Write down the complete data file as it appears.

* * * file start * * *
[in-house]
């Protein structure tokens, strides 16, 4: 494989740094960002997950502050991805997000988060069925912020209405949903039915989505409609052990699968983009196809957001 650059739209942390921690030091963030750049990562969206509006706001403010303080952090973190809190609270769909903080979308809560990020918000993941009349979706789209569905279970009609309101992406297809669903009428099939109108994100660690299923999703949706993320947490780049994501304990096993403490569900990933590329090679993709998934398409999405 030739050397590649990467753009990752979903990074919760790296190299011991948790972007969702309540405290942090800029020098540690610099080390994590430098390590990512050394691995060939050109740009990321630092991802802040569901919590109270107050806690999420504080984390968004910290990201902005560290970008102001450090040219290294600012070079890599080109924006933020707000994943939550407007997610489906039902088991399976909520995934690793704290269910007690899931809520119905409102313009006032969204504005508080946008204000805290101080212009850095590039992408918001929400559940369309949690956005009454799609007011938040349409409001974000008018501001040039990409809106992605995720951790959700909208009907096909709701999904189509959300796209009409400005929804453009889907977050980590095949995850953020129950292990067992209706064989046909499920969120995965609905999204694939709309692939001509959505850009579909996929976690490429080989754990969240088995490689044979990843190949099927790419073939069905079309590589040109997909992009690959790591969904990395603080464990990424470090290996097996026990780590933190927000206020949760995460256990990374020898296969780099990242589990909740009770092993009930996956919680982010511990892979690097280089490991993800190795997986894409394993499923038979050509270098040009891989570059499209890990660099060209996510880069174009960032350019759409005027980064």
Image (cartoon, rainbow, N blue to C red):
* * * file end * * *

[in-house]
């Protein structure tokens, strides 16, 4: 494989740094960002997950502050991805997000988060069925912020209405949903039915989505409609052990699968983009196809957001 650059739209942390921690030091963030750049990562969206509006706001403010303080952090973190809190609270769909903080979308809560990020918000993941009349979706789209569905279970009609309101992406297809669903009428099939109108994100660690299923999703949706993320947490780049994501304990096993403490569900990933590329090679993709998934398409999405 030739050397590649990467753009990752979903990074919760790296190299011991948790972007969702309540405290942090800029020098540690610099080390994590430098390590990512050394691995060939050109740009990321630092991802802040569901919590109270107050806690999420504080984390968004910290990201902005560290970008102001450090040219290294600012070079890599080109924006933020707000994943939550407007997610489906039902088991399976909520995934690793704290269910007690899931809520119905409102313009006032969204504005508080946008204000805290101080212009850095590039992408918001929400559940369309949690956005009454799609007011938040349409409001974000008018501001040039990409809106992605995720951790959700909208009907096909709701999904189509959300796209009409400005929804453009889907977050980590095949995850953020129950292990067992209706064989046909499920969120995965609905999204694939709309692939001509959505850009579909996929976690490429080989754990969240088995490689044979990843190949099927790419073939069905079309590589040109997909992009690959790591969904990395603080464990990424470090290996097996026990780590933190927000206020949760995460256990990374020898296969780099990242589990909740009770092993009930996956919680982010511990892979690097280089490991993800190795997986894409394993499923038979050509270098040009891989570059499209890990660099060209996510880069174009960032350019759409005027980064």
Image (cartoon, rainbow, N blue to C red):